• Barbecues and cookouts!! You are bound to hear some oldies there.
  • Most churches (Black churches in particular) consistently have seventies themed parties, or play at least a sizable number of oldies.
  • Sift through your Twitter Accounts.
  • Sift through your Google Account. Google isn’t heavily active with classic content, but it is a decent source.
  • Don’t forget that the Shazam application itself has suggestions of music similar to what you’ve just Shazamed! A great way to discover even more music.
  • Facebook has a wealth of classic music groups. Sometimes they can get a bit repetitive, but occasionally you do find that goldmine, from a real classic fan. The only thing I should say is that, they do tend to have members of mixed age groups. So many things that are shared you’d never consider as classics, so sometimes some groups require a bit of sifting, but most times it is worth it.
  • Streaming services like Spotify, Napster, Beats, etc, all have suggestion features, based on similar songs. They’re not always super accurate (in fact most of them aren’t), but then again, maybe they shouldn’t look for music exactly the same. Why? ‘Cause this is an opportunity to expose true music lovers to the kinds of music they were not privileged to.
  • Gather with some old friends and discuss some of your memories of your favorite performers, and or movies.
  • We don’t think about it much, but Documentaries can also be a great source. Free video streaming such as TubiTV has music documentaries that may play music you really like.
  • I’ve came across a lot of videos on YouTube that contain “Top Ten Rock Music,” Or “Best Music From The 80s,” etc. Sometimes you’ll find a lot of gems there too.
  • For movies, I think going to a Matinee every once in a while is a great idea to find oldies film.
  • Of course, you know your Roku box is filled with hidden gems. All it takes is a little effort, and actually search. Stop being lazy.
  • IMDB great choice.
  • Sites that have rating systems.
  • Movie bloggers.
  • Sites that have articles on Sound Tracks.
  • Your local library.
  • Movie biographies.
  • Books of “Best Movies For 19xx.”
  • TCM and AMC
  • Netflix offers DVD/Blu-Ray suggestions for every movie you add to your list/inquire.
  • Vudu always offer “classic specials.” They also offer 99 cent rentals. They also now offer some FREE movies with commercials.
  • Friends almost ALWAYS have movie recommendations.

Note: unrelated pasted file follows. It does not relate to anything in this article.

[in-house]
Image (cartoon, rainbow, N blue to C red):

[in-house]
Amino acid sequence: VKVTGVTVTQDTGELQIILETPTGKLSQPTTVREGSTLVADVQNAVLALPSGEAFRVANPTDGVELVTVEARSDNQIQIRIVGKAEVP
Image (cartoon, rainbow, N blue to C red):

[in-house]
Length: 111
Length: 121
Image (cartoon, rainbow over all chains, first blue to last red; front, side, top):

• Visit and sign up for, users add their movie and TV show collections to their profiles. Sift through their collections and discover mass treasures. You’d be surprised how many people are in to classic movies. Connect with other users, and strike up a conversation to locate rare, special edition, or obscure movies. It is basically a FREE movie fan site.
  • Order movie catalogues. You don’t have to necessarily buy anything from them. Just use them to find interesting movies, then simply add them to your Netflix account. Why would you buy anything now-a-days just to watch it only one time? Unless it is a collector’s item, and it has additional material that a true fan would want. If Netflix doesn’t have it, fill out an online request form. Your only other option is to see if Amazon or Vudu has it for low rental.
  • Don’t forget that you can use Shazam for a lot of movies and TV too.

Wow! I worn myself out remembering all these resources and ideas.. LOLOL.. I do hope tho, that the seasoned folks who are not exploring the internet like they should, understand what they’re missing in terms of not accessing classic music and film. Do you realize you no longer have to break your neck finding album stores (that will one day become extinct) that have that one rare album, or stores that will charge you an arm and a leg for an album you can most likely get from Spotify? Legally! And free! And the artist gets credit! Oh yeah, did I mention FREE on Spotify, that offers FREE accounts?!?! At no charge?!?! Hypothetically, if Spotify would get rid of their free accounts, $10 a month is still a steal!! $10 dollars to listen and or download anything you want! I’ve seen offers for On-Demand radio for $5 a month. Come on now guys!! A lot of visitors that may be reading my article spend more money than that on cancer sticks!! Yet a lot of you hypocrites talk about “supporting Black business,” and you refuse to invest $5 a month to listen to your favorite Black artist. I digress. So, for the last 10-15 years or so, all the albums I’ve really wanted bad enough, I’ve had  to order all of them via the internet (Amazon). I don’t even think these massive record stores exist in NYC anymore. Many of the ones I remembered closed down.